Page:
By Jared Allen - 08/02/10 04:01 PM EDT
Two senior House Democrats on Monday seized on a rebound in the manufacturing sector to tout the party’s efforts on the jobs front, but called the recovery “uneven and fragile.”
Majority Leader Steny Hoyevr (D-Md.) and Rep. Carolyn Maloney (D-N.Y.), the chairwoman of the Joint Economic Committee (JEC), noted a new JEC report, called “Promising Signs of Recovery in Manufacturing,” showed sustained growth in a sector hit hard by the recession.
“In the first six months of 2010, 136,000 manufacturing jobs were added,” Maloney said on a conference call. “We’ve had six straight months of growth in manufacturing jobs — the largest stretch since 1997.”
But the report noted that the durable-goods sector accounted for 130,000 of those new jobs, which Maloney said was a strong indicator “the manufacturing recovery is both uneven and fragile.”
With unemployment stuck above 9 percent and little time left to budge that figure before the November elections, House Democrats began fast-tracking their “Make it in America” initiative in the weeks leading up to the August recess.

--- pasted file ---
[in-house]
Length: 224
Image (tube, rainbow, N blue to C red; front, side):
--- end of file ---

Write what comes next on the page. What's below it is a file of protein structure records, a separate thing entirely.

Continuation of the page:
Hoyer and Maloney said Monday that Democrats would continue working to rebuild the fractured manufacturing sector for the remainder of the current Congress and beyond.
“We have a lot more to do,” Hoyer said, not just in terms of showing positive results, but in proving to voters that Democrats are serious about making jobs their top priority.
A vibrant, manufacturing-based workforce “has been a hallmark of America’s success and the growth of the middle class and the quality of life for the working people in this country,” Hoyer said. “As a result, we have decided to now, and into the next Congress, [adopt] a long-term policy of focusing on enhancing the manufacturing sector of our economy so that we do ‘Make it in America,’ and our individuals have success in America and they can make it in America.”
Details were scarce on what legislation would be coming. Hoyer said he and his staff will meet in the coming weeks with the National Association of Manufacturers and the U.S. Chamber of Commerce to help develop a more thorough agenda.
“There are a myriad of strategies we want to pursue,” the majority leader said. “We’ve committed ourselves to a long-term agenda ... of enhancing U.S. manufacturing.”